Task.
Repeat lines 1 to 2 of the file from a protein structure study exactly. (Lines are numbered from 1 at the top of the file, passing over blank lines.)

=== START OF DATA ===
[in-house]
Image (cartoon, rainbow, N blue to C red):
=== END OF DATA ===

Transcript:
[in-house]
Image (cartoon, rainbow, N blue to C red):